Old 05-21-2005, 10:51 PM   #11
MS3FGX
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I suppose in the event that two programs were sharing files, the package system would be at the advantage, but in all the time I have been running Linux on my home machines and work servers, I don't remember ever having that problem.

Source installs are by their nature very lean. I've never installed a program from source that also included all of the libraries or support files it needed. They were all expected to be their from the start, which is where the feared "dependency hell" comes in.

In which case, since the source install isn't going to include something like a shared system library or file, there would not be any problems with removing all the files installed with that program.

However, in the unlikely event that did happen, I will concede you would have a problem.
 
Old 05-22-2005, 04:06 AM   #12
cathectic
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The alternative to pure source install or checkinstall, is to write your own SlackBuild script and use that to automate building the program from source, stripping the binaries and/or libraries, gzipping man pages, adding documentation and preparing a package for install (decent Makefile's should also support DESTDIR for this purpose).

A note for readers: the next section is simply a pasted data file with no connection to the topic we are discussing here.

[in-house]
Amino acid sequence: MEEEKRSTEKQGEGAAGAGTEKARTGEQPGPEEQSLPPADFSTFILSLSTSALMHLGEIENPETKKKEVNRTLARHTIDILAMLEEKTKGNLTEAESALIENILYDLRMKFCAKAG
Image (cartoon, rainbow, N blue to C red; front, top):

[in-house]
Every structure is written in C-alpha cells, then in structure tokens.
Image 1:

I also disagree this idea of a source install being 'leaner' - a proper package will reduce the size of the outputted binaries and/or libraries by stripping them first, and separate the uninstall procedure from being dependent on the source code.

(N.B. - I'm not saying that I disagree with using source, just the idea of installing the source directly without properly packaging it into a .tgz package first).

Last edited by cathectic; 05-22-2005 at 04:09 AM.